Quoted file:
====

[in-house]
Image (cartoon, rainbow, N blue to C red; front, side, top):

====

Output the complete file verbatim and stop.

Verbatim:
[in-house]
Image (cartoon, rainbow, N blue to C red; front, side, top):